STATE of Tennessee, Appellee, v. Cecil C. GROSE, Appellant.
The appellant, Cecil C. Grose, was convicted by a jury of first degree murder. He was sentenced to life in prison. He appeals his conviction raising the following issues for our review:
1. Whether the state proved beyond a reasonable doubt that the death of the victim was the natural and probable result of the appellant's actions;
2. Whether the evidence was sufficient to sustain his conviction; and
3. Whether the trial court erred in failing to charge the jury on the defense of diminished capacity.
Upon review, we affirm the appellant's conviction.
The appellant and the victim in this case, Jamie Forbes, were romantically acquainted. However, prior to the homicide their relationship had deteriorated. Forbes instituted stalking and harassment charges against the appellant. The day before the scheduled hearing on these charges, the appellant stated to a friend, William Carter, that he was going to kill Forbes. He showed Carter the rifle he planned to use. The appellant explained that he was going to have to do “a year anyway” on the stalking charges, so he figured that he would kill Forbes and “they would just think he was crazy and he could get off on insanity.” The appellant took the rifle and left. Carter, convinced the appellant was seriously planning to kill Forbes, drove to a phone and called the Millington police. Unfortunately, the appellant found Forbes driving down the road before the police could prevent the homicide. The appellant pulled up behind her car and shot her with a high-powered rifle. The appellant sped away in his vehicle. Forbes suffered tremendous trauma and was in the hospital for several weeks. At the time of her release, she was a quadriplegic.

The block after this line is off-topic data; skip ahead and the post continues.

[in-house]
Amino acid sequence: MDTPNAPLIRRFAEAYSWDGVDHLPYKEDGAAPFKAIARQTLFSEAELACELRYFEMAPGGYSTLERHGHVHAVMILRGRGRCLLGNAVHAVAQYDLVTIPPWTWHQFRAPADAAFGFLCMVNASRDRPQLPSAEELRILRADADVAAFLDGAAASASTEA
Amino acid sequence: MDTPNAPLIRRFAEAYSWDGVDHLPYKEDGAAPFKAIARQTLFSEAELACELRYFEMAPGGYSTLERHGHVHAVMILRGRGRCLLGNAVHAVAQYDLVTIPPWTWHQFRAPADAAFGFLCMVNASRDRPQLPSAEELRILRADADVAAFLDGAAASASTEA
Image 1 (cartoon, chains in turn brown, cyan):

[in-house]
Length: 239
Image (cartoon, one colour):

Approximately two weeks after Forbes' release from the hospital, her fever became extremely high, and she was readmitted to the hospital. She quickly fell into a coma. After suffering this condition for almost eight days, her family decided that she should not be resuscitated in the event of cardiac or pulmonary arrest. She died soon thereafter.
The pathologist testified that the cause of death was gunshot wounds. The pathologist further testified that there were two entry wounds, two exit wounds and two re-entry wounds.
In his first issue the appellant contends that the trial court erred in overruling his motion for judgment of acquittal. He claims the state failed to prove he caused Forbes' death.1 Specifically, he argues that the victim's immediate cause of death was the decision of her family to instruct medical personnel not to resuscitate the victim in the event of cardiac or pulmonary arrest. In support of this contention, the appellant relies primarily on State v. Ruane, 912 S.W.2d 766 (Tenn.Crim.App.1995). In Ruane, this Court held that the decision of a competent victim to refuse medical care is not a supervening cause that removes a criminal defendant's responsibility. Id. at 776. The rationale behind this decision was the fact that a victim's conscious decision to remove artificial life-support, while an act of intervention, only carries out the natural result of the defendant's wrongful act. Id. The appellant argues that because Forbes did not participate in the decision to refuse further medical treatment, her family's action was a wholly unexpected and unforeseeable supervening event which was the cause of her death.
In order for this Court to sustain a criminal conviction for homicide, the evidence must establish that the appellant's actions caused the harm. This is generally established by showing that the victim's death was the natural and probable result of the defendant's unlawful act.2 State v. Barnes, 703 S.W.2d 611 (Tenn.1985). Our Supreme Court has established a general rule on the issue of causation:
One who unlawfully inflicts a dangerous wound upon another is held for the consequences flowing from such injury, whether the sequence be direct or through the operation of intermediate agencies dependent upon and arising out of the original cause.
Odeneal v. State, 128 Tenn. 60, 157 S.W. 419, 421 (Tenn.1913).